Many moons ago a friend and retired Town Planner told me the story of how he had been approached by a woman wanting to secure a Blue Plaque for a house in Cambridge Road, Hove where, during the late Victorian period, a Hawaiian princess had lived. Nothing came of the application and the story might have disappeared into the annals of Brighton’s history had it not been for Jane Couldrey who, in 2014, made an installation artwork, including a short film, for exhibition in Hove Museum all about Princess Ka’iuluni’s life: a life full of thwarted expectations. I was intrigued and thought that there might still be some local people for whom the story would be new and interesting.
Victoria Kaʻiulani Kalaninuiahilapalapa Kawekiu i Lunalilo Cleghorn was born on the 16th October 1875, the only child of Princess Miriam Likelike and Scottish businessman Archibald Cleghorn. As niece to King Kalākaua and Queen Liliʻuokalani, she was heir to the throne of the Kingdom of Hawaii and held the title of Crown Princess.
Her early years were happy and secure, surrounded by the certainty of her family’s place in the world and their right to the throne. But, when Ka’iulani was just 11 years old, her mother became seriously ill and, suddenly, all that this young girl knew and expected changed. It is said that before Likelike died a large school of bright red fish - an omen of death in her family - massed close to shore and she predicted her daughter would never marry and never become queen!
Without the guidance of her mother, it was decided that the best way to prepare Ka’iulani for her future role was to send her to England to be ‘properly’ educated. So, at the age of 13, Ka’iulani was enrolled in Great Harrowden Hall, a private finishing school in Northamptonshire. Here Ka’iulani flourished, excelling in her lessons, and accepting of her exile, sure in the knowledge that it would only be for a year.
However, not long into her stay at the school, King Kalākaua died, and her aunt, Liliuokalani, took the Hawaiian throne. Now Ka’iulani was next in line to be queen and the pressure on her to stay in England longer and study harder was increased.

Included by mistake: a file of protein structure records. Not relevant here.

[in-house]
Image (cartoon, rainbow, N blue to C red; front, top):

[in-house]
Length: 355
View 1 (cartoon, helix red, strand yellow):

In February 1892, Theophilus Harris Davies, a respected Hawaiian businessman and the princess’s guardian in England, made the decision to move Ka’iulani to Hove to live and study with Mrs Phebe Rooke, a relative of Queen Emma (Queen of Hawaii from 1856 to 1863).
“I have left Great Harrowden Hall for good. Mr Davies has kindly found a lady who will look after me and be a sort of mother to me while I am in Brighton. I believe Mrs Rooke is a thorough lady… I shall take lessons in French, German, Music and English, especially grammar and composition.”
Despite missing Hawaii, she enjoyed her new surroundings, “Brighton is such a nice place, [and] although I have only been here a month, I can find my way about quite easily. I think that I will profit from my stay here…The air is very pure and bracing, and already my appetite shows me that it suits me.”
Demonstrating a maturity, perhaps beyond her years, Ka’uilani wrote to her aunt explaining that her workload kept her from charitable activities - the duty of all upper-class Victorian women – and how, when famous people arrived in Brighton, she resisted the temptation to break away from her lessons to go and see them. She noted, “The Duke of Connaught [Prince Arthur, Queen Victoria’s seventh child] and Princess Christina are coming down sometime next month to open some place, if I can I shall try to be present, though my studies interfere with a great many things, still they must come first”.